Part 1: Water quality impacts of nitrogen in the Columbia River basin
In this webinar, Will Forney will introduce the importance of water quality and nitrogen in regional aquatic ecosystems. He will provide information about some problematic areas in the watersheds and rivers of the Columbia River basin. He will also share information on drivers and controls influencing dissolved inorganic nitrogen (DIN) concentration in waterways seasonally.
- Understand some patterns of dissolved inorganic nitrogen in and around the rivers of the Columbia River basin
- Learn how hydrologic and biogeochemical cycles may influence the patterns of dissolved inorganic nitrogen loads and concentrations
- Consider some applications for remote sensing to quantify important aspects of the cycles
Part 2: The effects of climate and meteorology on atmospheric nitrogen deposition
Tsengel Nergui will introduce how climate variability and weather conditions affect N sources and N deposition in the U.S. She will present key findings from her research on how climate variability affects N dynamics in the atmosphere using observations and the WRF-CMAQ modeling.
- Learn about when and where in the U.S. nitrogen wet deposition is modulated by interannual natural climate variability
- Understand the nitrogen emission sources and nitrogen transport over the Pacific Northwest on monthly to annual time scales
- Learn about how the nitrogen budget in the Pacific Northwest varied during the strongest 1997/99 El Nino event on record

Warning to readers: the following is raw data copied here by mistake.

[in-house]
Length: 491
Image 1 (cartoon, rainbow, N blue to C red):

Will Forney is a Research Assistant in the Global Change and Watershed Biogeochemistry Lab at WSU in Vancouver. He is working towards a PhD in the Environmental and Natural Resource Sciences. The working title of his thesis is, Multi-scaled investigations of nutrient dynamics and water quality modeling the Pacific Northwest. Prior to starting at WSU, Will was an Environmental Research Geographer with the U.S. Geological Survey. He holds a Bachelor of Arts from Princeton University where he majored in Political Science and minored in Economics, and a Master of Environmental Management from Duke University’s Nicholas School of the Environment where he studied Landscape Ecology and Physical Sciences.
Tsengel Nergui is a PhD Candidate in the Laboratory for Atmospheric Research at WSU in Pullman. She is interested in understanding impacts of climate variability and weather conditions on air pollutants, including reactive nitrogen in the atmosphere. Recently, Tsengel quantified the effects of 1997/99 El Nino Southern Oscillation on the atmospheric nitrogen deposition and transport in the Pacific Northwest using regional-scale weather and chemical transport numerical (CMAQ) modeling. She is also investigating sources of the CMAQ model biases for ambient nitrogen oxides, ozone, and particular matter concentrations in the western U.S.